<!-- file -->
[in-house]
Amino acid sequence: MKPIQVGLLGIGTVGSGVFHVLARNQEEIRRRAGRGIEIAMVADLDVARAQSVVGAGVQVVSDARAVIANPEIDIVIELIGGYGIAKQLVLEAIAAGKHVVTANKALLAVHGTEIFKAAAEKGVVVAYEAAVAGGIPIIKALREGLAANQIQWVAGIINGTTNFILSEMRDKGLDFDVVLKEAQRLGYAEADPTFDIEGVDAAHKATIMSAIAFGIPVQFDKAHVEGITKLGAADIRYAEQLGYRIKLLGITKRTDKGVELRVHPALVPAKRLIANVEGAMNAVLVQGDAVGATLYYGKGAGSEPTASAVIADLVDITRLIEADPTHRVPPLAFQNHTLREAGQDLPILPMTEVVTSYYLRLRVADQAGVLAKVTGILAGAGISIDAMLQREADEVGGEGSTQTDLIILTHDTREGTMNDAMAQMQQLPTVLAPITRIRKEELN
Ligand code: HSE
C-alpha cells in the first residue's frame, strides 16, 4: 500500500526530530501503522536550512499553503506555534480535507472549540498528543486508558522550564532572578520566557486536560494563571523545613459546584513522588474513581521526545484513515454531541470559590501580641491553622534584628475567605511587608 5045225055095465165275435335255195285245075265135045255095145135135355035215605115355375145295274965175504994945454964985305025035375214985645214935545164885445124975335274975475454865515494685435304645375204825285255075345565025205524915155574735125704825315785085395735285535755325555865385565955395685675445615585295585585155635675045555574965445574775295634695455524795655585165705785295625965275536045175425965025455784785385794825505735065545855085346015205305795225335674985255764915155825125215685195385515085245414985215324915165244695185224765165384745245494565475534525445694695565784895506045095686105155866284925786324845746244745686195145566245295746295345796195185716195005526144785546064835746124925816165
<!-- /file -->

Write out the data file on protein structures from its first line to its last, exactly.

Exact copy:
[in-house]
Amino acid sequence: MKPIQVGLLGIGTVGSGVFHVLARNQEEIRRRAGRGIEIAMVADLDVARAQSVVGAGVQVVSDARAVIANPEIDIVIELIGGYGIAKQLVLEAIAAGKHVVTANKALLAVHGTEIFKAAAEKGVVVAYEAAVAGGIPIIKALREGLAANQIQWVAGIINGTTNFILSEMRDKGLDFDVVLKEAQRLGYAEADPTFDIEGVDAAHKATIMSAIAFGIPVQFDKAHVEGITKLGAADIRYAEQLGYRIKLLGITKRTDKGVELRVHPALVPAKRLIANVEGAMNAVLVQGDAVGATLYYGKGAGSEPTASAVIADLVDITRLIEADPTHRVPPLAFQNHTLREAGQDLPILPMTEVVTSYYLRLRVADQAGVLAKVTGILAGAGISIDAMLQREADEVGGEGSTQTDLIILTHDTREGTMNDAMAQMQQLPTVLAPITRIRKEELN
Ligand code: HSE
C-alpha cells in the first residue's frame, strides 16, 4: 500500500526530530501503522536550512499553503506555534480535507472549540498528543486508558522550564532572578520566557486536560494563571523545613459546584513522588474513581521526545484513515454531541470559590501580641491553622534584628475567605511587608 5045225055095465165275435335255195285245075265135045255095145135135355035215605115355375145295274965175504994945454964985305025035375214985645214935545164885445124975335274975475454865515494685435304645375204825285255075345565025205524915155574735125704825315785085395735285535755325555865385565955395685675445615585295585585155635675045555574965445574775295634695455524795655585165705785295625965275536045175425965025455784785385794825505735065545855085346015205305795225335674985255764915155825125215685195385515085245414985215324915165244695185224765165384745245494565475534525445694695565784895506045095686105155866284925786324845746244745686195145566245295746295345796195185716195005526144785546064835746124925816165